Army Airborne veteran Dennis Anderson, left, with legendary war correspondent Joseph L. Galloway, the “Ernie Pyle of Vietnam.”
Do you remember the Battle of Ia Drang?
The words echoed loudly in my memory after a journalist friend called me and broke the terrible news that my friend and mentor — one of America’s finest journalists — passed away Wednesday, Aug. 18.
The year was 1984, and Joseph L. Galloway was a craggy mass of leathery skin and hard-nosed character. We sipped bottles of Singha beer together and munched on crispy mee krob noodles and chicken satay. It was a hot summer afternoon in a Thai restaurant jammed into a gritty industrial strip of the San Fernando Valley. It was not Tiger beer, but then, we were not in Vietnam. We were in Los Angeles nearly 10 years after the fall of Saigon. Joe was at home in LA — as much as he had been in the Central Highlands of Vietnam, or the streets of Moscow during the Cold War. He had been bureau chief for United Press International in all three places. He was the essential globe-trotting, veteran journalist.
We were drinking Thai beer that afternoon in 1984, but Joe Galloway’s mind was time-traveling in Vietnam, the way veterans’ minds often do. He was a civilian noncombatant, but most of his battle buddies considered him every bit the veteran. It took me a few minutes to catch up with him, as I was wallowing in the miseries of the Los Angeles bureau of UPI, bitching about the boss’s inability to recognize my sterling qualities as a newsman.
Joe chuckled at that, and he chuckled at me. His vantage point was larger than boss problems, or the unpleasantness of starting your day job around midnight. That was just the news business.
“You remember the Battle of Ia Drang?” he asked me as we ordered another round.
No, I did not. I asked him the year it happened. I never served in Vietnam. My Army time was spent in NATO watching the East German border. Joe had spent years in Vietnam. So, what year?
“Ia Drang happened in ’65.”
I told Joe I was 12 years old in 1965, and he guffawed. We lifted our glasses, in salute of my youth and innocence.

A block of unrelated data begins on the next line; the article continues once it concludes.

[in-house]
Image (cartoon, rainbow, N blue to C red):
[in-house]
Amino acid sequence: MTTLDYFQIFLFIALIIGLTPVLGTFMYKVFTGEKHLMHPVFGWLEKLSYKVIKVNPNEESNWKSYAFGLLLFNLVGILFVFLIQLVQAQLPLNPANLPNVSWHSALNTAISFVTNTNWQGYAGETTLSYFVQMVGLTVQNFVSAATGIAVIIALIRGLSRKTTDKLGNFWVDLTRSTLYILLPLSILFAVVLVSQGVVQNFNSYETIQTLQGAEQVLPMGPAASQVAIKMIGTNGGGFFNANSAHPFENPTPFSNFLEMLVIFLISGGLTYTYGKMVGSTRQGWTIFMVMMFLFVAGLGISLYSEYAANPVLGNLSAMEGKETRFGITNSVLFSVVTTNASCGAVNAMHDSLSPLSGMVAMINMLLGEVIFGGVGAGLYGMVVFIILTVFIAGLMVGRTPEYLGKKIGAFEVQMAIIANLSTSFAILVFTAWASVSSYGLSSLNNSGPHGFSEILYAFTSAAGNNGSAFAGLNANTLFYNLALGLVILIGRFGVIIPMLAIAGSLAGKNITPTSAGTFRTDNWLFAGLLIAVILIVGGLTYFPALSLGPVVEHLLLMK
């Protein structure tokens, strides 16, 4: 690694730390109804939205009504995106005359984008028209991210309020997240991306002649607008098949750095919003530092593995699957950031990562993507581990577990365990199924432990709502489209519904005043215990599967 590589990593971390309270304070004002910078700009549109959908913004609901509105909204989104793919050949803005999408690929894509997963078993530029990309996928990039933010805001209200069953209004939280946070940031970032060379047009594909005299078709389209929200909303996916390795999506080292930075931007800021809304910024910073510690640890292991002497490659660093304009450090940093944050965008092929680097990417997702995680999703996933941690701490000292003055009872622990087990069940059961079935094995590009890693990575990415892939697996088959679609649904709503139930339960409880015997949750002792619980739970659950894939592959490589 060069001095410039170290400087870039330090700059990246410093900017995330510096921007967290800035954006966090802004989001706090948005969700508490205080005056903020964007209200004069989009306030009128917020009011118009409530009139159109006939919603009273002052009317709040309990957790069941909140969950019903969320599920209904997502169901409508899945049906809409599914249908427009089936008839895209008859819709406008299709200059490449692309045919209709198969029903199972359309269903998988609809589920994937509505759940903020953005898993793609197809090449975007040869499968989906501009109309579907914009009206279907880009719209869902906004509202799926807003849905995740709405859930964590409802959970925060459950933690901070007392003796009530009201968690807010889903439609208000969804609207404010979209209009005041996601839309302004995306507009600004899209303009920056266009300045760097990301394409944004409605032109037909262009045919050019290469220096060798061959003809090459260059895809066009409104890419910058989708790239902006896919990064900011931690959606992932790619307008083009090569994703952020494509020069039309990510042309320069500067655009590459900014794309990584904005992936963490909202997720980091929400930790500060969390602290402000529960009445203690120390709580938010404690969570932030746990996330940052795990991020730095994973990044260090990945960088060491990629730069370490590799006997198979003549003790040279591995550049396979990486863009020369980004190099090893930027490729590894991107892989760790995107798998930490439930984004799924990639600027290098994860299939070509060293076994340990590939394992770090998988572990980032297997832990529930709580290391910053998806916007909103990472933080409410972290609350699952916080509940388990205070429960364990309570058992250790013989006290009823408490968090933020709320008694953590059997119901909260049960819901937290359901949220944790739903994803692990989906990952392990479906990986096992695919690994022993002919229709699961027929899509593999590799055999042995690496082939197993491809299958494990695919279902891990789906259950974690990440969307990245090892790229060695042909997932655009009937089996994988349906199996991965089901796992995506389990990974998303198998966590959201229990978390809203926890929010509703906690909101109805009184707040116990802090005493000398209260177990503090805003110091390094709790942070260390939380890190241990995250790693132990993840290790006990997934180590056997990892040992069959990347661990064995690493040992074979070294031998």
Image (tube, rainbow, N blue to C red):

“It was the biggest battle of the Vietnam War,” Joe offered. “Biggest fight, and I was there on the ground with 1st Cav.”
More than that, he was there with the 7th Cavalry Regiment, George Armstrong Custer’s outfit. Like Galloway, “The Cav” was made up of the larger-than-life stuff.
This was not another war story. It was Joe’s story. The Battle of Ia Drang was the story he would write from lived experience, a reporter with an M16, on the ground with the commander, Lt. Gen. Harold Moore. As a lieutenant colonel Moore commanded the 1st Battalion of the 7th Cavalry as it withstood charge after charge from three North Vietnamese Army regiments in the Ia Drang Valley.
Joe was the only reporter on the ground who helicoptered in with the troops. That was how Joe worked. No Saigon news conference follies. He didn’t follow the troops. He moved in with them.
“I’m writing a book about it,” he told me. “Going to be a helluva book, because it’s a helluva story.”
Meeting me in the strip mall eatery on a Saturday afternoon was more than a professional courtesy. It was a kindness. Joe was the reason I was hired into United Press International. He had a soft spot for veterans, and he cheered mightily when I was taken on at UPI.
“You’ll probably curse the day you hired on when you’re doing the midnight trick in Minneapolis up to your butt in snow,” he wrote to me.